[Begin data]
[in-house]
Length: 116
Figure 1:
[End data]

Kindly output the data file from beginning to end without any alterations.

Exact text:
[in-house]
Length: 116
Figure 1: